The great American writer James Baldwin’s quote “Your crown has been bought and paid for. All you must do is put it on” is interpreted in a biblical light, an acknowledgement of the suffering people of color endure.
And yet Regina Taylor’s play infused with gospel, “Crowns,” in production this weekend from Face Off Theater Company in Kalamazoo, turns Baldwin’s sentiment on its head, so to speak, celebrating that black women, indeed, have endured, and done so in style and in a fashion uniquely theirs, though also deeply rooted in ancestral history.
The play-with-music emerged in 2002 as an adaptation of “Crowns: Portraits of Black Women in Church Hats,” a book of photographs by Michael Cunningham with interviews of the behatted subjects by Craig Marberry. Taylor, a celebrated television actress, created composite characters based on the real-life women and added something of a plot through which they hang together as mentors for bereaved Yolanda, a high schooler from Brooklyn who’s been displaced to live with her grandmother in South Carolina after her brother was shot and killed. Though she in no way fits in with southern culture, she grows into herself and her faith as she learns from her elders about their ways and her roots, ultimately learning to put something on her head, as they insist, in a way that’s all her own.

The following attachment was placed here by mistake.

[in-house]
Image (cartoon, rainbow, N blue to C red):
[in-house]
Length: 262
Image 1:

Gracefully directed by Marissa Harrington, this show is remarkable for how rich and full the experience is despite the minimal effects. Six women and one man with a bunch of festive hats, a center stage platform, lights and sound by Sam Snow and astonishing music direction from Christie Coleman, create an unforgettable evening of wonderful storytelling of the oral tradition and gorgeous singing that rises far above sentimentality to deliver real heart.
Amid stomping, clapping, swaying and delivering knockout performances of gospel songs, the women share amusing anecdotes and poignant memories revolving around hats, often with “hattitude,” what they say a woman must cop to properly wear a hat.
Mostly church hats of the kind only women of a certain age wear anymore, a phenomenon which is addressed: it is an African tradition to adorn oneself for worship that slaves adapted when they gathered for church, the only place where they could congregate freely. And Civil Rights era women who weren’t allowed to shop in whites-only department stores took it as a point of pride and a status symbol to adorn their heads lavishly, flexing their hard-won rights.
Their language is musical in their storytelling, and this cast really shines in their singing. Brenda Earvin, Khadijah Brown, and Shauntrece Stokes each inspire goosebumps in the audience with their renditions of rousing gospels and spirituals. And Harrington’s inventive staging and understated choreography—the moving of bodies in lines, clusters, and circles—keep the performance moving and visually intriguing.
By the end of the show’s 90 minutes, there is no doubt whatsoever that, as they have declared, on the inside these women are queens. And we’re all the better for having been subject to their reign.
Face Off Theatre